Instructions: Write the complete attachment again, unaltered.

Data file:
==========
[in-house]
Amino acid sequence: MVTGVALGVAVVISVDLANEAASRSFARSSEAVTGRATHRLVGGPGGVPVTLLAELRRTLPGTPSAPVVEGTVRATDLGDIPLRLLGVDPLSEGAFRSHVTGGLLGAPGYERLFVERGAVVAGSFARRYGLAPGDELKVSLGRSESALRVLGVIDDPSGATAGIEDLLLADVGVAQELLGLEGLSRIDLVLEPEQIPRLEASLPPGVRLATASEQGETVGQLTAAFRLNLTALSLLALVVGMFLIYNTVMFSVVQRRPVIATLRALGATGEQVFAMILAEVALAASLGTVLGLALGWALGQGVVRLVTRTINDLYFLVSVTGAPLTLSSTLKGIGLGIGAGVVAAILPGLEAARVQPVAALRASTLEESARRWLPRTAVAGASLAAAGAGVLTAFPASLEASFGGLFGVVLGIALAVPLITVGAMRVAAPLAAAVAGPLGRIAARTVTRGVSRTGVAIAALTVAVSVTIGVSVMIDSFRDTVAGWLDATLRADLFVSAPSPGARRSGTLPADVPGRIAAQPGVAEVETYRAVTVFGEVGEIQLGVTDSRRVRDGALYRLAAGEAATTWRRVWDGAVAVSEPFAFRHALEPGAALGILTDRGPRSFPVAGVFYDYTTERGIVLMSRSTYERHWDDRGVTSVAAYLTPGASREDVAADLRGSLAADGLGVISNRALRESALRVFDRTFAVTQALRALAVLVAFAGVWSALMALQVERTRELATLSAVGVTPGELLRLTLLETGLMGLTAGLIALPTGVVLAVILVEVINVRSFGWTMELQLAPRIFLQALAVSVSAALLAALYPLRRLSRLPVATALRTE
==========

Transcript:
[in-house]
Amino acid sequence: MVTGVALGVAVVISVDLANEAASRSFARSSEAVTGRATHRLVGGPGGVPVTLLAELRRTLPGTPSAPVVEGTVRATDLGDIPLRLLGVDPLSEGAFRSHVTGGLLGAPGYERLFVERGAVVAGSFARRYGLAPGDELKVSLGRSESALRVLGVIDDPSGATAGIEDLLLADVGVAQELLGLEGLSRIDLVLEPEQIPRLEASLPPGVRLATASEQGETVGQLTAAFRLNLTALSLLALVVGMFLIYNTVMFSVVQRRPVIATLRALGATGEQVFAMILAEVALAASLGTVLGLALGWALGQGVVRLVTRTINDLYFLVSVTGAPLTLSSTLKGIGLGIGAGVVAAILPGLEAARVQPVAALRASTLEESARRWLPRTAVAGASLAAAGAGVLTAFPASLEASFGGLFGVVLGIALAVPLITVGAMRVAAPLAAAVAGPLGRIAARTVTRGVSRTGVAIAALTVAVSVTIGVSVMIDSFRDTVAGWLDATLRADLFVSAPSPGARRSGTLPADVPGRIAAQPGVAEVETYRAVTVFGEVGEIQLGVTDSRRVRDGALYRLAAGEAATTWRRVWDGAVAVSEPFAFRHALEPGAALGILTDRGPRSFPVAGVFYDYTTERGIVLMSRSTYERHWDDRGVTSVAAYLTPGASREDVAADLRGSLAADGLGVISNRALRESALRVFDRTFAVTQALRALAVLVAFAGVWSALMALQVERTRELATLSAVGVTPGELLRLTLLETGLMGLTAGLIALPTGVVLAVILVEVINVRSFGWTMELQLAPRIFLQALAVSVSAALLAALYPLRRLSRLPVATALRTE